Against this backdrop, let’s now look at the Church coming to North America as we conclude our twelve week study.

  1. Can you find a definition for “denominationalism” and what caused it?
  2. What does “lay control” mean and how does it relate to denominationalism?
  3. Beginning in the early 1600s the Virginia Company was chartered to settle and exploit land in America. Where did it send out settlers in 1607 and which Church where they to establish at that settlement?
  4. In 1693 who founded the college of William and Mary – and what Church did he represent?
  5. In 1702 what church became the established church of Maryland?
  6. The Catholic Church opposed the Anglican Church in Maryland and did not want it to be recognized or established. Prior to this religious toleration had been permitted by what famous Lord in Maryland?
  7. What do New York, North Carolina, South Carolina, and Georgia have in common during this period?
  8. The Puritans had a significant impact on the congregational movement within the US and in the New England area in particular. When several colonies in New England agreed on the Westminster Confession they drew up a document called the Cambridge Platform in 1648. What did this platform declare?
  9. John Eliot (1604-1690) became the pastor of the Puritan Roxbury Church in New England and began working among the local Indians spreading the gospel. What did he write in the native Indian tongue that helped spread the gospel message?
  10. What Denomination was started in Rhode Island in 1639 by Roger Williams a Puritan, educated for the Anglican ministry at Cambridge?
  11. Pennsylvania became home to the Quakers, Mennonites, Monrovians, the Lutherans, and a variety of other churches. Why was Pennsylvania such an attraction to so many religious groups?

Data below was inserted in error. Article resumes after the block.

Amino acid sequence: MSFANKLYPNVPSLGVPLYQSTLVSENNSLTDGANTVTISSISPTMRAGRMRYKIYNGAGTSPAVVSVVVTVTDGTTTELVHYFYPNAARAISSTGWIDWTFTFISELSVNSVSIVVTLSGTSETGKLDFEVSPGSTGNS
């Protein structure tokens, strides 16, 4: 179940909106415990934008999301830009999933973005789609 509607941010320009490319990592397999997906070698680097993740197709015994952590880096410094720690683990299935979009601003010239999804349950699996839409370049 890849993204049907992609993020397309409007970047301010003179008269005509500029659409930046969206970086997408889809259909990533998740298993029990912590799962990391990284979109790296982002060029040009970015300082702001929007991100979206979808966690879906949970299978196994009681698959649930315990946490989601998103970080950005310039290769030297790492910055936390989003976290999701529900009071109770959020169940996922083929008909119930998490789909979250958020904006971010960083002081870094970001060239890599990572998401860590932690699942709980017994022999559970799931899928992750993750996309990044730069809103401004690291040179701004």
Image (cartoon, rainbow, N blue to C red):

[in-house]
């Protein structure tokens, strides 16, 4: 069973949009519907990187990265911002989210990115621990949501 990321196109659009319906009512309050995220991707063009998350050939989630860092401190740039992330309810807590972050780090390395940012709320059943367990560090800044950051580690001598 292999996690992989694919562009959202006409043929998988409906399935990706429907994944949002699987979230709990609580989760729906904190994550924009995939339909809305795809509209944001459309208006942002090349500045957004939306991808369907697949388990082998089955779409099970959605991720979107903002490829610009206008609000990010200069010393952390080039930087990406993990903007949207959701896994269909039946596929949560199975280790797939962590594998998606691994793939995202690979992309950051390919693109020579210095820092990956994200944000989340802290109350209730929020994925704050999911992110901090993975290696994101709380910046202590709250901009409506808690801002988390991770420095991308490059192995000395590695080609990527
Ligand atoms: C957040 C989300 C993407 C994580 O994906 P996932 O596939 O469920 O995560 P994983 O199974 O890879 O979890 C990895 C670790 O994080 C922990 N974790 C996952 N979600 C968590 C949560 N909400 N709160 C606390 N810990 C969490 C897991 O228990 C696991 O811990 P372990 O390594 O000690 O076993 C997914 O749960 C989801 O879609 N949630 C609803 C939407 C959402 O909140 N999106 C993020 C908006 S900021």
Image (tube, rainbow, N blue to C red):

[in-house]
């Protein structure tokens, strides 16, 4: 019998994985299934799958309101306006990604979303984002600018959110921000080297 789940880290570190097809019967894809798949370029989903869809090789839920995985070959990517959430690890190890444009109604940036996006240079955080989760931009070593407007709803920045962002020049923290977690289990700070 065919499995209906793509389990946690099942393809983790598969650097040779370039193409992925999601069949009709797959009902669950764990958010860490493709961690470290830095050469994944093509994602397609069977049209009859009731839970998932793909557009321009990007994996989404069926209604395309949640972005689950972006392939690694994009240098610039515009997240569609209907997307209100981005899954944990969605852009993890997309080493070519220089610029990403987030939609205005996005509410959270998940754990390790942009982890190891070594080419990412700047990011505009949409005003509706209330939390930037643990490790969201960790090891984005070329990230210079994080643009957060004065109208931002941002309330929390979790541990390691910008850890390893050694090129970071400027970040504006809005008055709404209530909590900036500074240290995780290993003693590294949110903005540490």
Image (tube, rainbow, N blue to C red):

12. The Baptists had developed a system of farmer Preachers who reached out into the local community to spread the gospel. The introduction of England’s Methodism into the colonies also aided in the quick spread of the gospel and the rapid spread of Baptists and Methodists throughout the early colonies. What method did the Methodists use that helped evangelize the colonies?
  13. From the Revolutionary War forward the Church in America became instrumental in creating revivals, missions, missionaries, evangelists, camp meetings, volunteerism, Sunday School, Mid-Week Service, and lay-centered activities just to name a few. And, in my mind, when you consider all the great names in this period of church history none other stands out more than Evangelist Dwight L. Moody. He began something that would be carried on by Rueben Torrey, Gypsy Smith, Billy Sunday, and today Billy Graham. What was it?

There is still so much more; we’ve really only touched upon the surface. But what we have seen is that Christ has remained as the center and the head of the Church, and that in spite of man’s desires, conflicts, and governmental upheavals, the gospel – the Good News that Christ died for our sins, continues to be spread to this day throughout the world.

I hope this study has given you a little deeper insight into our spiritual and organizational roots and has inspired you to want to do more to get the message of salvation out to everyone.

Have a great week everyone and thanks for studying with us!

In Christ,